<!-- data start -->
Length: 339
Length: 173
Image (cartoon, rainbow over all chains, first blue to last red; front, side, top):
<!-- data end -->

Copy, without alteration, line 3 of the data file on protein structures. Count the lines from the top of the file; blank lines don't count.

Image (cartoon, rainbow over all chains, first blue to last red; front, side, top):